Bacillus subtilis: a universal cell factory for industry, agriculture, biomaterials and medicine - Microbial Cell Factories

28 Feb.,2023


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As B. subtilis was selected as a model bacterium, simple and efficient genetic tools have been developed in the past decades. Classical genome modification relies on the insertion of a selectable marker, usually an antibiotic resistance gene, into the chromosome of the target strain [11]. The most commonly used scarless genetic manipulations systems for B. subtilis rely on counter-selectable markers (CSM) [12], while other methods include site-specific recombination systems (SSR) [13], and the recently developed CRISPR-Cas9 system [14].

CSM are often used for the markerless construction of engineered strains and have been used to construct Bacillus cell factories for various industrial applications. Selectable markers can generally be divided into positive and negative selection markers, whereby the former are most commonly antibiotic-resistance markers. In this classical approach, antibiotic-resistant strains are selected on appropriate agar plates (Fig. 2). In addition to the genomically integrated markers, Jeong et al. constructed a synthetic gene circuit consisting of a plasmid-based selection system, in which the Pxyl-lacI and neomycin resistant gene (neo) are integrated into the genome, while a Pspac-chloramphenicol (cat) resistant cassette and xylR gene are on the plasmid. In the first recombination, Pxyl-lacI and neo are integrated into the genome as a selectable marker. When xylose is added to the medium, the lacI gene is expressed then the chloramphenicol resistant gene is repressed. Consequently, the cell will survive only when the Pxyl-lacI and neo are deleted through a second round of recombination. Finally, the plasmid can be removed after several rounds of culture without chloramphenicol [15]. This is a highly efficient method for genome engineering in B. subtilis, and it avoids the introduction of a selectable marker into the genome or the tightly controlled expression of a toxic gene. Other counter-selectable markers commonly used in B. subtilis include upp, blaI, araR, and hewI [11]. Fabret et al. used the upp gene, which encodes uracil phosphoribosyltransferase as a counter-selection marker to achieve the transmission of unlabeled point mutations, in-frame deletions and large numbers of deletions on the chromosome [16]. Brans et al. developed another method to knock out a single gene and introduce a new gene by combining the use of blaI, an antibiotic resistance gene, which encodes a repressor of the Bacillus licheniformis BlaP β-lactamase, with a conditional lysine-auxotrophic B. subtilis strain [17]. However, CSM-based strategies require host pre-modification and have a low success rate due to the leaky expression of the CSM.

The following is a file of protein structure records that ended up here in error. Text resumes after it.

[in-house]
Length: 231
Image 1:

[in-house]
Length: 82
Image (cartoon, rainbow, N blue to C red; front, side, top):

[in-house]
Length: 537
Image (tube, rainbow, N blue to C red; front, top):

Fig. 2

Schematic overview of genome editing methods based on counter-selectable markers. Left: genome editing (gene knockout as an example) with two integration steps. Step 1, an exogenous artificial DNA (plasmid or fragment) with up- and downstream homologous sequences is integrated into the genome, replacing the target gene. The recombinant clone can be selected under condition A. Step 2, under the selection condition B, the clone obtained in step 1 deleted the selectable marker and repressor/toxin gene through a self-recombination with the DR (direct repeats). Right: Composition of the selectable elements, the selectable marker A, toxin gene/repressor, and up- and downstream homologous sequences of the target gene can be constructed as fragments or on a plasmid. Examples of selectable markers A include: cat (chloramphenicol), phleo (phleomycin), or spe (spectinomycin). Examples of toxic genes include: upp, pyrF, or mazF. Examples of repressor genes include: xylR, blaI, araR, or lacI. The repressor can inhibit the expression of the selectable marker B, which can be integrated into the genome or a plasmid